A Winning Blue Imperialdramon Deck Review


This deck revolves around the jamming effects of your LV3 to LV6. Many cards have the ability to make your digimon active again, which you must leverage to wear down your opponent's security quickly before they set up blockers and more devastating plays. Your strategy should be to earn an early game advantage which in turn forces your opponent to slow down and play more defensively. Try to go first wherever possible.

This deck was also recently featured on DTCGreview as a tournament winning deck: https://twitter.com/DTCGReview/status/1327955037474095110

Level 2 Digimon

[BT3-002] Demiveemon (4 cards) is important for draw power. This makes the decision to sacrifice a  jamming Veemon or trade with a blocker easier, as you can retaliate with pierce or squeeze in another early security check whilst drawing a card in a process. I find [BT2-002] Demiveemon (1 card) a worthy addition as well, as so very few blue Digimon let you easily inherit extra DP. This lets you get rid of any other level 6 in the game if your opponent is bold enough to leave themselves vulnerable.

Level 3 Digimon

[BT1-030] Gomamon and [BT3-021] Veemon are the 3-cost LV3 of choice as they give you an early game advantage by incentivizing attacks as soon as they come onto the board. The remaining half of your 14 LV3 digimon should all be 2-cost ones, [ST2-02] Gomamon and [BT1–028] Elecmon, for memory control and the option to rookie rush your opponent. I recommend no fewer than 14 LV3 digimon.

Level 4 DIgimon

I opt for 3 cards of [BT1-032] Frigimon, [BT1-037] Gorillamon, [ST2-07] Grizzmon (blocker) and [BT3-025] Exveemon. Frigimon is essential for adding jamming pressure against your opponent but be mindful it's dead weight against blockers. Exveemon is perfect for a early rush if you can pull it off but Gorillamon is the star of the show – low cost evolution with high DP is really a safe bet in most games.

Level 5 Digimon

[BT3-027] Paildramon (4cards) and [BT3-055] Dinobeemon (4 cards) are staples and there's really nothing more to say except to max them. Being jammers, they are great for taking down another security and triggering a draw.  Undoubtedly, Paildramon is the one that you want to put onto the board if you intend to end the game with your level 6s as his inheritable skill allow your Imperialdramon to attack at least twice per turn. Dinobeemon's piercing ability is only useful for making your opponent think twice before attacking with LV3 or LV4 or blocking your jammers.

Level 6 Digimon

This is where the fun begins! I add 3 of each Imperialdramon ([BT3-031] and [BT3-111]) variant as they are incredibly powerful in the right situations. Blue Imperialdramon is great for finishing off the game upon evolution if you have more than 1 jammer on the board. If you have Paildramon and Veemon on the board with 3 memory with no blockers to worry about, you can swing a total of 5 times in a single turn. Green Imperialdramon is also no slouch in the offensive department; you can take out a total of 3 security and 2 rested digimon if you evolved on top of Paildramon and you swing for security first (IMPORTANT). Be mindful that green Imperialdramon loses jamming and draw power, so pick your Imperialdramon and your battles wisely based on your opponent's deck profile.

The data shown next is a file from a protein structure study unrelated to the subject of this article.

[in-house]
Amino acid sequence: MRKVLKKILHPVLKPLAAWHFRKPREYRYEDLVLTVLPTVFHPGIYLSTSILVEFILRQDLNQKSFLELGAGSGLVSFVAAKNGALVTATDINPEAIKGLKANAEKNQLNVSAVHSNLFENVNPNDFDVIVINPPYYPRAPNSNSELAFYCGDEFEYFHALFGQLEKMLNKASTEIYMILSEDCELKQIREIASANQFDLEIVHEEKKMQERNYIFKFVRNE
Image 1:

[BT2-049] Puppetmon is also a great addition to your deck, and it traditionally works well with rookie rush strategies and this deck is not any different. Play him as a response to high cost removals or if you need to protect your LV3 and LV4 digimon for one more turn to swing for game. Puppetmon is most effective when played consecutively, and often I wished I had one more in hand to truly lock my opponent down. It's brutal  when you play it against green with a full board of rested digimon, or highly invested stacks such as Omnimon. With Puppetmon, you also improve your chances of drawing both a green and blue digimon when you play Daisuke ([BT3-093] Davis Motomiya).

Option and Tamer

I play 3 of [ST2-13] Vulcan's Hammer, because while I acknowledge the utility this card brings in any situation, I also recognize how it can brick your hand if your opponent plays anti-memory gain digimon like [BT3-046] Terriermon.
Using 2 cards of  [ST2-16] Ice Wolf Claw is imperative for getting rid of heavy threats or devastating set ups such as Ragnaloardmon. [BT3-093] Davis Motomiya (Daisuke) is key to setting up your plays and ensuring devastating bricks are few and far between – however I add only add 3 copies as I really only ever want to play him once per game; it is very difficult to justify paying 4 memory for an additional card or 2.

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